WISCONSINREPORT.COM (04/03/08) - Fourteen administration officials and airport representatives gathered Wednesday in a closed meeting to explain to Congressional Representative Tom Petri of Wisconsin why 204 Marines and soldiers returning from Iraq were barred from the Oakland, California airport terminal on September 27th, 2007. The military personnel felt slighted when they were deplaned onto a grass median between runways instead of allowed to taxi to the terminal and deplane there. Officials said it was a mistake and not an insult, and measures are being taken to prevent it from happening again.
According to one of the returned Marines, the military personnel on the flight had been previously screened by the Transportation Security Administration, had gone through U.S. Customs, and had already deplaned and entered the terminal at JFK International Airport in New York.
However, instead of being permitted into the Oakland terminal before the final leg of the flight home to Hawaii, the men and women in uniform were required to deplane onto a grass median between runways.
In an e-mail, the Marine wrote: "It felt like being spit on. Every Marine and soldier felt the message loud and clear, "YOU ARE NOT WELCOME IN OAKLAND!"
Petri, the ranking Republican on the Aviation Subcommittee of the Transportation and Infrastructure Committee, was joined by Transportation and Infrastructure Committee Ranking Republican Rep. John L. Mica of Florida, and Rep. Dan Lungren (R-CA), a senior member of the Homeland Security Committee.
Transportation Department Inspector General Calvin Scovel and others discussed actions they are taking as a result of an investigation of the incident initiated at the request of the congressmen.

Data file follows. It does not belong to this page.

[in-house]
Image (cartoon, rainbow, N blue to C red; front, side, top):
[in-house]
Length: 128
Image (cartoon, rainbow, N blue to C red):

"They made several points, but what it all comes down to is that the airport wasn't prepared for such a large number of troops, wasn't clear about the screening they had gone through earlier in the trip, and was further unclear that the weapons carried with the troops were secured and under guard in the luggage compartment," said Petri.
Petri said that members of the armed forces traveling together on military charter flights should receive expedited VIP treatment at security checkpoints.
As a result of the investigation requested by Reps. Petri and Mica, a task force has been formed and is meeting to establish uniform protocols for charter flights transporting troops through U.S. airports.
The task force consists of relevant federal agencies including the Department of Defense, the Transportation Security Agency and the Federal Aviation Administration, as well as representatives of air carriers and airports.
Members of the task force told the congressmen that the Oakland incident and the representatives' concerns about it served to identify gaps in policy and made clear the need for greater coordination and communication between all groups involved.
The task force hopes to complete a "Memorandum of Understanding" by the end of May or the early summer.